Fever, cough, muscle aches. Influenza season is here. But there is a way to dodge the dreaded illness.
The N.D. Department of Health urges everyone 6 months old and older to get an influenza immunization every year to not only avoid getting the influenza, but to keep it from spreading to family members, according to Molly Howell, immunization program manager with the N.D. Department of Health, Division of Disease Control.
“People should get an influenza immunization as soon as it becomes available and ideally before November,” she said. “It’s also never too late to get the immunization.”
An annual vaccination is the most effective way to avoid the flu.
Howell also addressed some myths about the flu vaccine.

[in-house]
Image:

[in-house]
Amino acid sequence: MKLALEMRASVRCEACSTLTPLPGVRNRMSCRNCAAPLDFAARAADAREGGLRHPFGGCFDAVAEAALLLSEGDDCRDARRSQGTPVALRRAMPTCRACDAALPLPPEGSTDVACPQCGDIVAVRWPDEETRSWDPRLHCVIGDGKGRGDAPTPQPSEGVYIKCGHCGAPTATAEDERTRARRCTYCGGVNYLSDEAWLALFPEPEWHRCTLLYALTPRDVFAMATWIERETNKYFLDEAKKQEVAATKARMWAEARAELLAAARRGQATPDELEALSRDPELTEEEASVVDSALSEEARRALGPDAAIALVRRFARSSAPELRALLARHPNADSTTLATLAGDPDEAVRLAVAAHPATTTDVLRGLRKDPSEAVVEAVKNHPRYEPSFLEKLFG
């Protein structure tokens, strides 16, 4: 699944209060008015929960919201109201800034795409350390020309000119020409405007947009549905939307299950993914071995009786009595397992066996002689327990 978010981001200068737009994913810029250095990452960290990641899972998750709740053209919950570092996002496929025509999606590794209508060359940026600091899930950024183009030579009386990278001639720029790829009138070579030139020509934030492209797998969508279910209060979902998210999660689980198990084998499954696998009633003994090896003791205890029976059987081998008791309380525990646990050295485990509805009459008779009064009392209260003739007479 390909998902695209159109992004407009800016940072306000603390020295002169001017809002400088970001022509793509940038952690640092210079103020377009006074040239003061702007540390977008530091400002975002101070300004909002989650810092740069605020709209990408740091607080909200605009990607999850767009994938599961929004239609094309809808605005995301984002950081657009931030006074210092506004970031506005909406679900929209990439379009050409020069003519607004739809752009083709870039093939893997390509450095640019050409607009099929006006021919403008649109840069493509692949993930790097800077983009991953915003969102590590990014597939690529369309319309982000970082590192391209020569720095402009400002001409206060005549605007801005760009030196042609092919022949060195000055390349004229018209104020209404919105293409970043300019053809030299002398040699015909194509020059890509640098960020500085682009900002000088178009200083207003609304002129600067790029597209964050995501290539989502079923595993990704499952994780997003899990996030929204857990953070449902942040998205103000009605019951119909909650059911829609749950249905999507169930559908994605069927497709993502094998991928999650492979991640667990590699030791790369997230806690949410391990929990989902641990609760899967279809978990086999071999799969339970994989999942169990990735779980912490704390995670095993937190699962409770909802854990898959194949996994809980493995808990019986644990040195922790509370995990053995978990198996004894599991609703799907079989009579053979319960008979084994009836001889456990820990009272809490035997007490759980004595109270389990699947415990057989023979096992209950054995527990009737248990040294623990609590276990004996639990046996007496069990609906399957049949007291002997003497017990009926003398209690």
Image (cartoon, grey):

“Some people think that you can get the flu from the flu vaccine and that’s not the case,” Howell said. “People also have the misconception that the flu isn’t that serious, but every year we have a number of hospitalizations and deaths in North Dakota, so the flu is definitely a serious illness.”
“Even if you don’t want to get it for yourself, get it for those around you,” she urged.
“There are certain people who are at higher risk of complications due to influenza who should not miss getting their flu vaccine. That includes children, pregnant women, anyone that has an immune-compromising condition and adults 50 and older,” Howell said.
Vaccines are available at doctor offices, local public health offices or at most pharmacies.
Last year, North Dakota had 8,498 reported cases of influenza.
In addition to vaccination, the N.D. Department of Health also recommends frequent hand washing, covering coughs and sneezes and staying home when you are sick to prevent spread of influenza. Common signs and symptoms of influenza include abrupt onset of fever, muscle aches, sore throat and cough.
Luann Dart is a freelance writer and editor who lives in the Elgin area